We were ready to move on from the whole Ben Roethlisberger Super Bowl non-injury injury thing.  But then we heard from Peter King of this morning.
King wanted to talk for a few minutes regarding our stated discomfort with the Steelers’ failure to disclose Roethlisberger’s rib/back condition on the injury report for the week of the Super Bowl.
He explained that he believed the Steelers didn’t need to disclose the injury, but he wanted to give me a chance to state my case.
So I did.  And he included a quote from me in his Tuesday edition of MMQB:  “My problem is the injury report focuses only on availability to play without giving full information as to whether a player will be effective.  It’s called an injury report.  Roethlisberger was injured, and he wasn’t on the report.  I think that’s wrong.”
Not surprisingly, the league disagrees with me on this.
Here’s what NFL spokesman Greg Aiello said by e-mail on Monday:  “Ben’s injury was disclosed in the required injury report the week prior to the Super Bowl.  He was listed throughout that week with a back injury.  The reports that week said he did not practice on Wednesday and fully practiced on Thursday and Friday.  He was then listed on Friday as probable for the Super Bowl with a back injury.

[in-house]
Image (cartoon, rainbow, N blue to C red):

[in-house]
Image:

“The Steelers then fully cleared him to practice and play and he was not listed on the [Super Bowl] week injury report.  We also have a pool reporter procedure for Super Bowl week.  A PFWA-appointed reporter attends every practice session of each team to report on the physical condition of the players.  AFC pool reporter Peter King reported throughout the week that Ben fully practiced and ‘looked sharp.’  There was no doubt as to Ben’s availability.  Then, of course, he played the entire game.”
Aiello summed up the league’s position in a subsequent message.
“The injury report procedures require clubs to disclose injuires in a general sense (knee, back, shoulder, etc.), report on practice participation, and provide an estimation of the players’ availability,” Aiello wrote. “The Steelers did all of that.”
So the league’s position, as articulated by Aiello, confirms that the injury report focuses solely on availability, not effectiveness.
But is that enough?  Consider this quote:  “We should have an honest assessment of a player’s condition before the game, because if a team doesn’t acknowledge a player is hurt and the injury will be a factor in the team’s performance, inside information could influence the betting line and potentially compromise the integrity of the game.”